To my mind, this site is a space in which we should avoid divisive topics that do not promote the greater progress and understanding of technology.

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                                                                        I doubt anything can be more divisive than many of the topics that appear in here, at least to those that take computing seriously. If you try to avoid divisive topics, you only get watered down content and perhaps never learn about something that struck you initially as unmentionable. Moreover, technology can not be detangled from politics and is never neutral, Trying so is naive and dangerous.

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                                                                        It’s strictly off-topic for this site (and I have flagged it as such), but I have no problem with the content or the professed faith of its author otherwise.

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                                                                        Love it. A week is incomplete with reading n-gate.

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                                                                          I read and enjoy n-gate too but it’s still off-topic for this site.

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                                                                          Excellent rant. Applicable to many other pseudo-innovations and hype-explosions that our industry suffers so heavily from.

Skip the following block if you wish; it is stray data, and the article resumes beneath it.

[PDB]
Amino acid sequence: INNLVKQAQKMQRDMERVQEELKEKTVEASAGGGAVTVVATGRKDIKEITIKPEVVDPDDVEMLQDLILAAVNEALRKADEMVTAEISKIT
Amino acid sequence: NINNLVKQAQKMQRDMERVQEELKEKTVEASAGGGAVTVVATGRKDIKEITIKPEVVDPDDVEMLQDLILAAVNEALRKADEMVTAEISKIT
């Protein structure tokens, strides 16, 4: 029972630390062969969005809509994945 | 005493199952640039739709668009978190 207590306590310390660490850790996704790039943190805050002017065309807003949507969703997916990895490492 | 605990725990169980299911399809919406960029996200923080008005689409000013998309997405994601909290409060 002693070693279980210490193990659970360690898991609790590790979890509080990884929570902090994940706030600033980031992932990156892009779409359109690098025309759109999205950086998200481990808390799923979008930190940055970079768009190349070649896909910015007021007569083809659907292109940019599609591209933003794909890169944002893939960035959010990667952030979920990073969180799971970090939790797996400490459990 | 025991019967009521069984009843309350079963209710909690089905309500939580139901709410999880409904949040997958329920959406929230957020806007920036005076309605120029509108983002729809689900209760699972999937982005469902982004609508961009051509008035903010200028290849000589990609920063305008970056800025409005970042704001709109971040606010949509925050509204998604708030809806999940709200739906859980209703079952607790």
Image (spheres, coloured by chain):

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                                                                            It is “compiler”. Not “transpiler”. “Transpiler” isn’t even a word.

                                                                            (I know that the original article uses this term (even incorrectly, in fact), but I wanted to use this opportunity to raise my weak little voice here in an admittedly hopeless and futile attempt to rescue the integrity of our professions’ terminology …)

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                                                                              Unintentionally hilarious (“People appreciate when you fire the right people, so don’t worry about morale. Also, the average quality of people tends to grow more when dismissing than when recruiting.”), but mostly bullshit…

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                                                                                I don’t follow you here.

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                                                                                Excellent article. I am always amazed how people get the idea that “solving” purely combinatorial or pattern-matching problems is equivalent to general intelligence, something that we are not even able to define…

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                                                                                  A few years ago our project tried to apply for membership in the Conservancy, and we were in contact with Mr Kuhn. After being repeatedly put off with excuses of the “too busy” type over a considerable period of time, we just gave up. So I can relate to parts of the complaint of the SFLC…

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                                                                                    I mean… it’s not an excuse. Bradley does more in a day than I can imagine, and there’s always more to do.